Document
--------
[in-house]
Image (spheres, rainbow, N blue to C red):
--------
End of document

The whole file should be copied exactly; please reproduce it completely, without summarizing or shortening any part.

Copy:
[in-house]
Image (spheres, rainbow, N blue to C red):